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Executive summary

Africa has substantial solar potential but available estimates of energy use in sub-Saharan Africa (SSA) indicate limited use of modern solar energy technologies.  In 1990, the World Energy Congress, estimated that excluding large-scale hydro, modern renewable sources of energy accounted for less than 2% of the regionís primary energy demand.  Modern solar energy would probably account for a fraction of the 2% that is currently attributed to modern renewable energy.

Inadequate access to sufficient levels of modern energy services is one of the key problems facing  SSA.  Access to electricity in the region in 1990 was 38% and 8% in urban and rural areas respectively.  This is low compared to an average of 76% and 33% for urban and rural areas respectively in developing countries.  In Mali, only 4% of the population have access to electricity. In Ethiopia and Botswana, only 1% and 3%, respectively, of the rural population have access to electricity.  A more worrying statistic is that the growth rate of household connections is lower than the population and household growth rate, indicating that the absolute proportion of the population without electricity is increasing.  Until the late 1980s, only seven countries had an installed capacity exceeding 1 gigawatt and only eight countries in 1991 consumed more than 1 TWh per annum.

In the foreseeable future, connection to the national electric grid for many rural eastern and southern Africa communities is unlikely to occur because of the difficult and distant terrain that has to be traversed by main grid distribution networks.  This is compounded by low populations living in scattered homesteads.

As a result of the persistently poor performance of centralised power systems and patent inability to extend electricity to rural households, many energy analysts perceive decentralised rural electrification options such as solar photovoltaics  (PV) as the most feasible options for bringing the benefits of modern energy services to the large majority of rural inhabitants.  A survey undertaken in the SADC region indicated a large market potential for PV systems ranging from 72 MWp for the business-as-usual scenario to 242 MWp for a pro-active scenario in which electrification programmes are pursued aggressively.

A recently completed Regional RETs Study by AFREPREN/FWD-SEI recommended the initiation of long-term renewable energy training and capacity building programmes to overcome the barriers facing the dissemination of solar PV technology in the region.  The World Solar Programme (WSP), a UNESCO initiative aims at promoting and harmonizing cooperation in renewable energy  training and research; and, demonstrating how wide-scale use of solar energy is cost-effective and rapid option for developing countries.  Within the context of the above initiatives, UNESCO and  AFREPREN/FWD organised a RETs/Solar training workshop for African rural development project officers and managers.  The workshop focussed  largely on PV and solar water heaters  for use mainly in the rural household market.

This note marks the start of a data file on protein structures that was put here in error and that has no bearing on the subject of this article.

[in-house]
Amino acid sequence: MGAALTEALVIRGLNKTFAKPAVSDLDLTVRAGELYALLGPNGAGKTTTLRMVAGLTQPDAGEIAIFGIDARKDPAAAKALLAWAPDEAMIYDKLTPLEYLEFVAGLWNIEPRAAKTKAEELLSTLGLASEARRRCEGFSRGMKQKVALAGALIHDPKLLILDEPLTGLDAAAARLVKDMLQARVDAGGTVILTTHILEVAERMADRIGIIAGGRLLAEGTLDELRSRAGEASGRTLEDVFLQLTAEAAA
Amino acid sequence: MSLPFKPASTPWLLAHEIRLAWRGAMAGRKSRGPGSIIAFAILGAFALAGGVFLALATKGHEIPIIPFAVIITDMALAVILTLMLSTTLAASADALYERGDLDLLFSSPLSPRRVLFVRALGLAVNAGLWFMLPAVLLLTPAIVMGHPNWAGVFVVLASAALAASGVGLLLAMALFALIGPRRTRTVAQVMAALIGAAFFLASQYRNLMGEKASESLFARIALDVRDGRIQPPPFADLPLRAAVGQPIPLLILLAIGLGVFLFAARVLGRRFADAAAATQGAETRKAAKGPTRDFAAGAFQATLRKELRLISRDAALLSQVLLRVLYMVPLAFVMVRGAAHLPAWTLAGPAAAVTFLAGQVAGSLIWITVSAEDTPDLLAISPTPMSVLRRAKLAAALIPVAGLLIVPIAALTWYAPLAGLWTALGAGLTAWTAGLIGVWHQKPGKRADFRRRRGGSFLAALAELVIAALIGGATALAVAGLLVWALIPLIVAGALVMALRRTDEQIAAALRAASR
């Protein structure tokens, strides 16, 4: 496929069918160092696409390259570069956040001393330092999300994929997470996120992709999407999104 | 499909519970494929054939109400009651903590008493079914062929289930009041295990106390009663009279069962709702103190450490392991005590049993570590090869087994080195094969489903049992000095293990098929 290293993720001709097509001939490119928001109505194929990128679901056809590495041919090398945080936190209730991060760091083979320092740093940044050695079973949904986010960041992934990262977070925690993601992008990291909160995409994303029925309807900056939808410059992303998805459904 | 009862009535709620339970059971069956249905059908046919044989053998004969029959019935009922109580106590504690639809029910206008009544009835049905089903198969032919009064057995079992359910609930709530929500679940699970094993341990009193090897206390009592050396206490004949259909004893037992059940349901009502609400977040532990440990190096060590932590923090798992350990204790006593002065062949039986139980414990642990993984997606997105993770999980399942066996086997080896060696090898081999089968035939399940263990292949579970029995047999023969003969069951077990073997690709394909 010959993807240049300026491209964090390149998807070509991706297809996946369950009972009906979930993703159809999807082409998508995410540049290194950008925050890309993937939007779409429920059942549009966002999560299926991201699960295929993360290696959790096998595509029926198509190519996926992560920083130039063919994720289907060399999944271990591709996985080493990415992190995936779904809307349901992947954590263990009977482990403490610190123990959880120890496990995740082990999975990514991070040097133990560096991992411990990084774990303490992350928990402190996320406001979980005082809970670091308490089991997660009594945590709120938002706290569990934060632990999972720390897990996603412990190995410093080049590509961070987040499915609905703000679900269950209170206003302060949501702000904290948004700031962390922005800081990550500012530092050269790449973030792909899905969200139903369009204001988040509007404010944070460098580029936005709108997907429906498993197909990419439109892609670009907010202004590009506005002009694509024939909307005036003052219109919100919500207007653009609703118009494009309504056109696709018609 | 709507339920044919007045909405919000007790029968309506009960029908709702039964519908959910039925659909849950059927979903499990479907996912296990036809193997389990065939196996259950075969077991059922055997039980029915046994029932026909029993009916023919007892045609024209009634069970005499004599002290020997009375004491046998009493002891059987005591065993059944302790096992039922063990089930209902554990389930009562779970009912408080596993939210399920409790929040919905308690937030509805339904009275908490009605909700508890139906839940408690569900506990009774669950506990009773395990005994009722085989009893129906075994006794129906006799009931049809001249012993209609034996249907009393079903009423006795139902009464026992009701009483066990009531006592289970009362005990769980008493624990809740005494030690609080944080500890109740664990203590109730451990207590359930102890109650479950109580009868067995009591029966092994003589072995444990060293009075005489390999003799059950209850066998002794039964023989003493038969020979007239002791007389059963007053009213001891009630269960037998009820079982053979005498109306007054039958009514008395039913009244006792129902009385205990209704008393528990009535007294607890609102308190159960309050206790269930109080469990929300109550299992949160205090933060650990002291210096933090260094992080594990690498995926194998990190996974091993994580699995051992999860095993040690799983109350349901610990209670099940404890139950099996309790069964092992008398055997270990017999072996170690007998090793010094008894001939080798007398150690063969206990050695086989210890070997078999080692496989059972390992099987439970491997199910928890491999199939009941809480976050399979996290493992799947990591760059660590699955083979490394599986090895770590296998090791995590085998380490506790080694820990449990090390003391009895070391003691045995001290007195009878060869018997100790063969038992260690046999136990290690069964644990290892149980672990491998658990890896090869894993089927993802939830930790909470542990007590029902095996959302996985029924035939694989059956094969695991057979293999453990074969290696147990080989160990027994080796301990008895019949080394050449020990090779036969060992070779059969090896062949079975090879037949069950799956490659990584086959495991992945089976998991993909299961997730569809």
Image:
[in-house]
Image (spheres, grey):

On 7th-10th September, 1998, AFREPREN/FWD in conjunction with UNESCO conducted a Solar Energy Training Workshop in Nairobi, Kenya as part of a joint regional study on RETs Applied Research and Training for Africa.  The subject Workshop brought together a wide range of participants that included, field technicians, manufacturers, Government officials, representatives of NGOs and credit/finance agencies, and to a lesser extent researchers and field extension workers. 

The five-day Workshop, which included two field visits, covered the following:

  • Introduction of participants to the fundamentals of key renewable energy technologies;

  • Dissemination of the findings and conclusions of the recently concluded study entitled "Renewable Energy Technologies: Research for Dissemination and Implementation";

  • Review of the status and technical challenges facing the development of solar PV and solar water heater technologies in Eastern and Southern Africa; and,

  • Discussions on the activities of the RETs project and insights on how the activities can be refined for maximum impact.

Participants to the Workshop were drawn from Kenya, Ghana, Uganda, Zambia and Zanzibar, South Africa and Rwanda. 

The Workshop identified the following as key priority issues for Applied Research on photovoltaics (PVs) and solar water heaters (SWHs):

i. Training  on low cost assembly and manufacturing techniques

ii. Compilation of a market assessment report and development of locally made and cheap solar pathfinders

iii. Compilation of best regional practices/Ethics manual for system sizing and specification

iv. Compilation of case examples of experiences of country testing centres for solar energy technologies.

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